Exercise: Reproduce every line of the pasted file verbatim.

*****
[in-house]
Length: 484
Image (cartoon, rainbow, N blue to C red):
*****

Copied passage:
[in-house]
Length: 484
Image (cartoon, rainbow, N blue to C red):